Ghana’s Ashanti king visits Paramaribo as Suriname seeks African Union membership

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By Ray Chickrie
Caribbean News Now contributor

PARAMARIBO, Suriname — The king of the Ashanti nation of Ghana, Otumfuo Osei Tutu II, will visit Suriname from November 22-26 to mark the country’s 43rd independence anniversary.

Many Surinamese trace their origin back to Ghana and Benin, and the Akkan language is still spoken today by some in Suriname, and especially among thousands of Maroons who escaped Dutch enslavement and lived a free life under semi-autonomous African traditional village leadership in the interior of the country.

The king will arrive in Suriname on Thursday with a large 40-person delegation.

King Osei Tutu has a PhD in philosophy, and is known for his role in the reconciliation process in his region, which lasted for centuries, and which he has been able to resolve. And because of his economic understanding, the king has been able to develop areas by stimulating local entrepreneurship, a government statement said on Wednesday.

Minister of foreign affairs, Yldiz Pollack-Bheigle, told the media that “Suriname is going to formalize membership with the African Union”.

She added, “This visit is significant for Suriname, because of our culture and Surinamers that have affinity with West Africa, especially Ghana.”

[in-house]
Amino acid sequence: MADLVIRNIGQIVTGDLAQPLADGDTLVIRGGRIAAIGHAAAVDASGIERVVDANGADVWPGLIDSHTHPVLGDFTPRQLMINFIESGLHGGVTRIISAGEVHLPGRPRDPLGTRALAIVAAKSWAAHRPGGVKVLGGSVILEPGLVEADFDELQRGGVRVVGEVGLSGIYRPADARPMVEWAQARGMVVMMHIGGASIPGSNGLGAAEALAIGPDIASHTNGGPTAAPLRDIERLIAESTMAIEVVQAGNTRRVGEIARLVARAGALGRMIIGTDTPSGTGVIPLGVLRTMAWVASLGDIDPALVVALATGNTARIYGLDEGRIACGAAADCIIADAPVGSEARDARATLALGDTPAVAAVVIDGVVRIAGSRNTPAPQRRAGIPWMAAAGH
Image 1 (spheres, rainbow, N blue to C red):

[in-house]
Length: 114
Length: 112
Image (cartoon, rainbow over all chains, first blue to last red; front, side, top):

“We need to maintain better ties with African countries. The African continent is on the rise, so we have to take the opportunity to see how we can achieve sustainable development cooperation,” the deputy director of foreign affairs, Miriam Macintosh told the National Information Institute on Tuesday.

According to Macintosh, the Akkan king is a man that “wears many hats” and who can share knowledge about Ghana’s cultural heritage especially with the local traditional authority of the indigenous peoples and Maroons of Suriname. He is schedule to meet local African Maroon communities of Suriname and their tribal chiefs on Sunday.

“He is one of the most respected chiefs, and has pushed for good education and healthcare for his people who are highly valued by him, and we can learn a lot from this,” Macintosh said.

Macintosh referred to the visit of King Osei Tutu as “a historic moment in the history of Suriname because of Ghana’s international role, especially within the African continent.”

When the king arrives on Thursday, he will visit several places and will be the chief guest of Suriname’s 43rd independence celebration.

Macintosh also said that the minister of foreign affairs of Ghana, Dr Shirley Ayorkor Botchwey, is expected to visit Suriname in the near future.

King Osei Tutu will participate in a lecture entitled “The Role of a Traditional King in a contemporary Modern Nation State” at the Anton de Kom University.

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